Just Your Average Politician
A WEEK BEFORE MLK Day, a group called Pennsylvanians for Effective Government released a poll. The survey confirmed what everybody had been saying for months: Of the five men vying to become mayor of Philadelphia, Chaka Fattah was the clear front-runner.
At the time, the poll provided a bit of good news during a particularly dismal stretch for Fattah. In the days and weeks after he announced his candidacy in November, he seemed to bounce from one bad headline to another. In a Daily News article about his formal education, or lack thereof (he has a master’s degree but no B.A.), he managed to come off as both smug and defensive. Then he looked like he was trying to have it both ways on a Congressional bill involving Mumia Abu-Jamal, a move that got him bashed by the FOP and Mumia defender Pam Africa, two parties who normally can’t agree on the color of the White House.
Then, in early January, Fattah’s fortunes — amazingly — got worse. He had organized a press conference at Mercy Hospital in West Philadelphia to unveil his plan on combating crime and violence. Fattah’s proposal, the first substantive policy rollout of his campaign, called for more surveillance cameras and more police officers, including special units trained to look for people carrying illegal firearms. During the announcement, he also explained his reason for unveiling the plan at Mercy: As a young man, he’d been shot while trying to intervene in a gang altercation, and was taken to the hospital for treatment. It was no surprise what happened next: Instead of creating a splash with his plan, Fattah essentially invited reporters to wonder why, in nearly 30 years of public life, he had never before mentioned his impromptu meeting with a bullet.
Taken separately, none of these hits would have been considered all that damaging to Fattah’s campaign. Periodic beat-downs are simply the price one pays for being the front-runner. "I think the other candidates have basically realized that the only way they’re going to win is by going through Fattah," says Dan Fee, a political consultant who has worked for Ed Rendell, John Street and Jonathan Saidel. But taken together, the incidents seemed like a tasting menu of all the reasons some people are so ambivalent about Fattah’s campaign — and about Fattah.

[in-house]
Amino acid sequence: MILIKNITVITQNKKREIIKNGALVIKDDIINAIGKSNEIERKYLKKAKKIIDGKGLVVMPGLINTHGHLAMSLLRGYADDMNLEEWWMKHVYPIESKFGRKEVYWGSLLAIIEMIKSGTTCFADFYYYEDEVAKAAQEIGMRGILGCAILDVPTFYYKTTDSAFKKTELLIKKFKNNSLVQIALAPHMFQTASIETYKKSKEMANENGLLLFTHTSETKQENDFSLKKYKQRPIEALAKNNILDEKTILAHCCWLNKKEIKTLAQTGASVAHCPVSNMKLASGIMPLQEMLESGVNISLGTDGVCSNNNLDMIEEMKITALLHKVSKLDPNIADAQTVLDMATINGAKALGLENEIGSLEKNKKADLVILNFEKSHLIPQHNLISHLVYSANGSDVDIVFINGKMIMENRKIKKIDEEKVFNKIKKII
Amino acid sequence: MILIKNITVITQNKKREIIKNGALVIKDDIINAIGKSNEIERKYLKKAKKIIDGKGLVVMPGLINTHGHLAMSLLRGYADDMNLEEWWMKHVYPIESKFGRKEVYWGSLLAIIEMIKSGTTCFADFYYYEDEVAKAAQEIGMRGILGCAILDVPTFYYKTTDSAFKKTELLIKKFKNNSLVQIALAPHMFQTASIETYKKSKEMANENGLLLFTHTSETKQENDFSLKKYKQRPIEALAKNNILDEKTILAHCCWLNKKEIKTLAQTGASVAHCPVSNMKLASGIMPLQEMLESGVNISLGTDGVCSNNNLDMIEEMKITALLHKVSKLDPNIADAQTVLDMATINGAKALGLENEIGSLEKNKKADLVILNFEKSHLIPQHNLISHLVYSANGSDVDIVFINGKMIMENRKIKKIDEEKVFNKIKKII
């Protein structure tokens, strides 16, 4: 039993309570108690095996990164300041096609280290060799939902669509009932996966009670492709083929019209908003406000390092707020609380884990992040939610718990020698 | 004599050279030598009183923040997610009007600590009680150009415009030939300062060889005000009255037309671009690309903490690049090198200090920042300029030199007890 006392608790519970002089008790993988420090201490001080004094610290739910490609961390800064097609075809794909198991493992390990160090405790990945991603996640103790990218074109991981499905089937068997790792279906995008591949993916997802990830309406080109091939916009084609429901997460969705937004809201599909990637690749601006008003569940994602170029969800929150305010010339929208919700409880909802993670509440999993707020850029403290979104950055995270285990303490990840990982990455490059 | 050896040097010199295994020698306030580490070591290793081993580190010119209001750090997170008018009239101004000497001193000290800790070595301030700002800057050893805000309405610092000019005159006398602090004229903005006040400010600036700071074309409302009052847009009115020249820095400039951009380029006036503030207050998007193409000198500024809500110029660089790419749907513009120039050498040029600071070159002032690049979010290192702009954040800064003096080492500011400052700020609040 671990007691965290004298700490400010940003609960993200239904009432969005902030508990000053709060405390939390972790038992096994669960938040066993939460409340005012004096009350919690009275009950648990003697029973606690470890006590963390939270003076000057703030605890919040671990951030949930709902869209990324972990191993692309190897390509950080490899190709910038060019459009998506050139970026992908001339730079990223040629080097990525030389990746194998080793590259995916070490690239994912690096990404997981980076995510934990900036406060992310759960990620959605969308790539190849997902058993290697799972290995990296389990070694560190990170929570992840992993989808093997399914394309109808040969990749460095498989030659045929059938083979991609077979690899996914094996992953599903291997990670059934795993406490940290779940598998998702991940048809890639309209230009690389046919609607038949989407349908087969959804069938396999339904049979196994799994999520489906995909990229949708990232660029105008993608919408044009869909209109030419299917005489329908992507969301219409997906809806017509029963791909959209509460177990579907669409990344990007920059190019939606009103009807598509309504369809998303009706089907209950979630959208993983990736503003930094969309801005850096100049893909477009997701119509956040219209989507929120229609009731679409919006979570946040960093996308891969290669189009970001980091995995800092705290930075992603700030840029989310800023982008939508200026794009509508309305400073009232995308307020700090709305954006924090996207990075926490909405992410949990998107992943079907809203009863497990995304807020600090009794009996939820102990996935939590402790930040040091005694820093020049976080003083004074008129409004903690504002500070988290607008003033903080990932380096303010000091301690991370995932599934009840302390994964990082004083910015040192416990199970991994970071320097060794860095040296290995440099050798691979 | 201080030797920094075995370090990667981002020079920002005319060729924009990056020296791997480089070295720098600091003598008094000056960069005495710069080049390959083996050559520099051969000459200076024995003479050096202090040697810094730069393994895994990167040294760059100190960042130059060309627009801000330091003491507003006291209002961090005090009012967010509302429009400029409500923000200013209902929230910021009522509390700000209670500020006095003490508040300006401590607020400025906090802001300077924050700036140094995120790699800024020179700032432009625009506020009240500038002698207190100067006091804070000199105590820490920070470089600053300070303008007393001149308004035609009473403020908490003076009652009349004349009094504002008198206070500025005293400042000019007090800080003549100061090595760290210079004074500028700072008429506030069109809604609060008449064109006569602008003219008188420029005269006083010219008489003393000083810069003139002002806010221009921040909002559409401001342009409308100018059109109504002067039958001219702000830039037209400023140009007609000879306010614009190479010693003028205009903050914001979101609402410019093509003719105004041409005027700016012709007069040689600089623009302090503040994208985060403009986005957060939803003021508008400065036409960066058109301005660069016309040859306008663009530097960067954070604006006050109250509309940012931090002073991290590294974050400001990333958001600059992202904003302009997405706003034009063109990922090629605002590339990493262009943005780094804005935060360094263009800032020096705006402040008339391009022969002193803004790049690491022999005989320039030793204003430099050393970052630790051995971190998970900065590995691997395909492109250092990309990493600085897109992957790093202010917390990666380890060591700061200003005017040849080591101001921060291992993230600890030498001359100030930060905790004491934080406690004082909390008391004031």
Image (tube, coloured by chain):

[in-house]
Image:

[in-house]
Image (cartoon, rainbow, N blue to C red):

Over the past 30 years, you see, Chaka Fattah, 50, has been one of the most dynamic and thoughtful political figures in the city. He has also been one of the most ambitious. That ambition has been responsible for more than its share of good: It’s helped the city sidestep financial ruin, helped countless low-income kids stay on track for college, and secured millions of dollars for local scholarships. It has taken Fattah from rabble to respectability, from obscurity to celebrity, from a West Philly rowhouse to an East Falls manse he shares with his TV anchor wife, Renee Chenault-Fattah. But it has done other things, too, things that aren’t particularly noble or pure or good: It has transformed Fattah from outsider to insider, from reformer to player, from someone who once idealistically raged against the machine to someone who has hackishly defended its most conspicuous sins.